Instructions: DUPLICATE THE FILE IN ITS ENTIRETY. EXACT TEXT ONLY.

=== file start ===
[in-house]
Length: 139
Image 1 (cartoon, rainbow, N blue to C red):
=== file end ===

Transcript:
[in-house]
Length: 139
Image 1 (cartoon, rainbow, N blue to C red):